The first students in what is expected to be many thousands of Afghan refugees have begun arriving in the nation’s schools, as educators and community groups around the country prepare to help with language classes, family support and trauma counseling.
In Virginia, nearly 180 students have enrolled this fall in the public schools of Fairfax County, while 50 refugee children in Texas have started classes in Austin and 65 in California have started in Fremont.
Thousands of others will follow them as they move off military bases and into communities across the country. Some families may look to settle near relatives or friends, while others seek the best opportunities for jobs and housing.
“In the next few months, you will see the vast majority of families leave the military bases, reach their final destinations and have their children enrolled in public schools,” said Krish O’Mara Vignarajah, chief executive of Lutheran Immigration and Refugee Service.
School district leaders in several areas of the country say they are ready for the influx and have long experience in welcoming refugees. Some are working with resettlement agencies and community organizations to ease the transition.
On Friday in Fairfax County, Abdul Wahid Qanit and his family made their way to a school registration center in Dunn Loring — more than two months after they left Kabul. The journey took them to an Air Force base in New Mexico for 38 days. They have been in Virginia since mid-October.
“Now we are here, we are happy,” said Aysha Qanit, 14, as she and her brothers waited for their parents to complete school system paperwork. “We are so excited — and a little nervous.”
Elsewhere in Fairfax, some children had already started classes. At Dogwood Elementary in Reston, Afghan refugees this year are paired as much as possible with classmates who speak their language, said Principal Kate Beckner.
Her newcomers from Afghanistan have gaps in their education, she said, because their families faced threats for working with the Army. When they did attend school, the setting was outdoors and “not a positive place,” she said. At first, “the kids were afraid to come to school” at Dogwood, she said.
But several weeks in, they are proud to have learned phrases in English. Every day, she said, they walk into the classroom calling out “Hi!” and “Good morning!”
At Annandale High, students came up with a buddy system to help newcomers adjust and navigate the school of 2,200 students. There is so much to get to know, said Sosan Barakzai, 15, who came to the United States from Afghanistan in fifth grade.
She and others who settled in the United States before the new arrivals say they would have liked to hear from students like themselves about how to follow class schedules and get around the school, how to ride the bus, which foods are halal, how course credits work, what is needed for graduation.
“Anything they have questions with, we want to make them feel comfortable,” Barakzai said.
Refugee children often suffer from trauma and can have greater needs in language learning, family communication, academic intervention and social-emotional support. Their families often arrive with little in hand to stake out a new life, anxious about housing, jobs and food. They worry about relatives left behind.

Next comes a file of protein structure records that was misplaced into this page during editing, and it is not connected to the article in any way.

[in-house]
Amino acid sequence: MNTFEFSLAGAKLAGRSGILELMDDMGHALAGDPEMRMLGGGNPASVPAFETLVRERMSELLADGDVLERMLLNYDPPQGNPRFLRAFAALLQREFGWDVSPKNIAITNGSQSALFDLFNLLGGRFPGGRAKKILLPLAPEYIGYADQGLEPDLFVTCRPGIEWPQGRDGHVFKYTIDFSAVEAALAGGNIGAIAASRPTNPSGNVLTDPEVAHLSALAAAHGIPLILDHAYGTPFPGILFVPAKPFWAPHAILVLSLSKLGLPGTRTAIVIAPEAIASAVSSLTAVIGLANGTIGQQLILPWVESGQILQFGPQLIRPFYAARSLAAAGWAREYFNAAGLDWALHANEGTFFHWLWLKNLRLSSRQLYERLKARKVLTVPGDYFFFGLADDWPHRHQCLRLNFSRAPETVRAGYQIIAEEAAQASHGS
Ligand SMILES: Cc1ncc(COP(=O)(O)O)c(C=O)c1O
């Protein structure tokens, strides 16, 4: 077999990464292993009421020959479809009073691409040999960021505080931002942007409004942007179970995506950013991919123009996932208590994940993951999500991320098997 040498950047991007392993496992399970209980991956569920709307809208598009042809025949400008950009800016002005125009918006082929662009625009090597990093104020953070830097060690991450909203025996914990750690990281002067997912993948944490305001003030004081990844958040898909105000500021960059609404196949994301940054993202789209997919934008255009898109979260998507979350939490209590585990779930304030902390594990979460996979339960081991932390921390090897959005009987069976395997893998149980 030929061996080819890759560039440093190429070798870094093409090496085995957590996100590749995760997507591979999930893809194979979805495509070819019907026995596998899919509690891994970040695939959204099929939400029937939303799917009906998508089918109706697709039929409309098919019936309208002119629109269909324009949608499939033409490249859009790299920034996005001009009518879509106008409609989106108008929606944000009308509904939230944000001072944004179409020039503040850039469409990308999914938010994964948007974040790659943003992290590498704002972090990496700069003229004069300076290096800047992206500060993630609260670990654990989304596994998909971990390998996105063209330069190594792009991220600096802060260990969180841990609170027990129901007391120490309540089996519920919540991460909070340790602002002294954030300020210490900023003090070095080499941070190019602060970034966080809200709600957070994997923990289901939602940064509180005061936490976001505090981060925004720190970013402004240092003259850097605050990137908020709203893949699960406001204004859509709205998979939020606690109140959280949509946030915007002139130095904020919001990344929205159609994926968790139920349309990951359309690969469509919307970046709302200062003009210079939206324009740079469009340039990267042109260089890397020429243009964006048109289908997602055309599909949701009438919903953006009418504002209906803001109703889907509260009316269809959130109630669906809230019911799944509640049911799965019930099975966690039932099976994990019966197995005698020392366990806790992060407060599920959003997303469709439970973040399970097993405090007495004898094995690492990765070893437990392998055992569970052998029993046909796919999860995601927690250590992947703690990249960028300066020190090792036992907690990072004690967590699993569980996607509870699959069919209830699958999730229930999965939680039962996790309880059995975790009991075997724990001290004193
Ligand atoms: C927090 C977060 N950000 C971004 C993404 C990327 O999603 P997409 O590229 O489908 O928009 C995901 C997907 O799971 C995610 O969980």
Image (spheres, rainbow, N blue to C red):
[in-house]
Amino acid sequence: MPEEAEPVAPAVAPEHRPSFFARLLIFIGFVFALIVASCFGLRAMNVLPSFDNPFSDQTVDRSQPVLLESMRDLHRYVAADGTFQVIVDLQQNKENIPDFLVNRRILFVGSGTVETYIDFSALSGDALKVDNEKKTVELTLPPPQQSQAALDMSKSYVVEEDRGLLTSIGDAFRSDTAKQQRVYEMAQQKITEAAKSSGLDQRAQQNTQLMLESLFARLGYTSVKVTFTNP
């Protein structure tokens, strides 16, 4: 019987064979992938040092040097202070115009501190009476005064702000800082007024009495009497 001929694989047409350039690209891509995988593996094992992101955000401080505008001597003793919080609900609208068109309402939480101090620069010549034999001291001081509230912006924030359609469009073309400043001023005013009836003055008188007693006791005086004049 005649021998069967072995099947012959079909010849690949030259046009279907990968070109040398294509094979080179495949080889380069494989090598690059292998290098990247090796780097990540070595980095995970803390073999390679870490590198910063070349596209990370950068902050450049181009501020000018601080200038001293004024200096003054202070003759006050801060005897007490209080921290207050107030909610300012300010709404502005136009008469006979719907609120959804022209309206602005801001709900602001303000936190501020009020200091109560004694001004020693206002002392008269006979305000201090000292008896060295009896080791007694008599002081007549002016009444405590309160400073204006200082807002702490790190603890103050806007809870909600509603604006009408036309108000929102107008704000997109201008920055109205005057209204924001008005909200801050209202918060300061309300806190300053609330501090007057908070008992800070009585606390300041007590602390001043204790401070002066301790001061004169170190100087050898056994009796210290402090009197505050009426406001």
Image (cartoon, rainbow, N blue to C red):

“None of that is new to schools,” said Kevin Welner, a professor at the University of Colorado at Boulder and director of the National Education Policy Center. “Soon after public schools began serving children in this country, there were waves of refugees that public schools were asked to educate and provide additional services for.”
A haven for refugees, this Nebraska high school builds a web of support for its diverse student population
Still, funding is complex. Because of a lag in budget cycles, refugees arrive in school systems that have not yet been funded to serve them, said Bruce Baker, a professor in the Graduate School of Education at Rutgers University. Often educators scramble to adjust.
If refugees stay, they are counted with other students in funding formulas that vary by state. Schools may get extra resources for refugees who fall into certain categories — as English-language learners, students with special needs or children from low-income families. Sometimes grants or other supplements benefit refugees.
Julie Sugarman, a senior policy analyst at the Migration Policy Institute, a D.C. think tank, said many schools do well, trying to give refugees all they need, but others lack sufficient resources or well-trained teachers. “There’s still a ways to go for some,” she said.
The U.S. Supreme Court long ago decided that children cannot be denied a free public education because of their immigration status.
But since the chaotic departure of the U.S. military from Afghanistan — with its wrenching images of crowds at the airport, desperate to leave — the public reaction has been strong. “It really does seem like people are excited and really want to help,” Sugarman said.
In Virginia, a coalition of more than 100 volunteers — including some military veterans of Afghanistan — have banded together to help Afghan families get furniture, find apartments, travel to medical appointments and make new lives. They call themselves NoVA RAFT (Northern Virginia Resettling Afghan Families Together).